Theunis de Bruyn uncertain on pitches Proteas should expect in India
Titans top-order batsman Theunis de Bruyn is an aggressive cricketer and knows the Proteas can’t afford to let India dictate terms in next month’s Test series.
De Bruyn will know all about how destructive passive cricket can be.
In last year’s 2-0 series loss to Sri Lanka‚ albeit on spiteful surfaces that the home side used smartly on winning the toss in both games‚ SA’s batting was meek and contributed to the two heavy defeats.
India have better batting and bowling resources‚ so less need to rely on manufactured surfaces to glean a result.
However‚ they were faced with difficult pitches at Newlands‚ SuperSport Park and the Wanderers when they went down 2-1 to South Africa.
India played their best cricket on the spicier Cape Town and Johannesburg tracks; with the latter game resoundingly won even though the series was lost in the previous Test on a pitch that suited them.
“If we go there and we want to play cricket with them‚ we’re going to get a spanking. We need to have the mentality that we South Africans have when we’re up against the wall and having to fight back.
"We have go into this tour with a mentality of belief and not hope‚” De Bruyn said.
“We can’t sit back and look at how they play cricket. Let’s go there and stamp our authority from the first session of the first Test.
“Even in the T20s‚ we have to do the same because the T20 World Cup is around the corner and there’s guys wanting opportunities. Everything is fresh now and I believe change is good.”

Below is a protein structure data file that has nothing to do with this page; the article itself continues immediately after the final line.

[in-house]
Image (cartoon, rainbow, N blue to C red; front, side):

The grounds were South Africa will be playing the three Tests (Visakhapatnam‚ Pune and Ranchi) aren’t frontline venues‚ which raises the issue of the quality of the surfaces.
In 2015‚ SA were presented with square turners in Mohali and Nagpur in the first and the third Tests.
They lost those games by wide margins but De Bruyn’s previous experience of India tours with the South Africa “A” side have him seeing things from a different perspective.
With India possessing a world class fast bowling unit‚ they actually don’t have to serve up turning pitches to beat touring teams.
“We’ll see when we get there because we’re not sure about the conditions we’re going to play in‚” De Bruyn said.
“It’s not venues that we normally play cricket at. Remember‚ they’ve also got a very good seam attack so they may prepare tracks that may move around a bit on day one.
“It may only start spinning at the back of the series so you can never know. Also‚ when we’ve been there on South Africa ‘A’ tours‚ [and] we didn’t play in spin friendly conditions.
“They’ve prepared green wickets. You go there thinking you’re going to work on your spin game but you get there and the pitches are green.
“They play four seamers and a batsman who can spin the ball. They want to get their cricket to a level where they want to compete overseas.
“We’re going to be naïve to think we’ll be going to a place like Sri Lanka and pick three spinners.”
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